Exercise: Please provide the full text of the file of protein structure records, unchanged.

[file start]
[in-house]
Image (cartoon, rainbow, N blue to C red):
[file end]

[in-house]
Image (cartoon, rainbow, N blue to C red):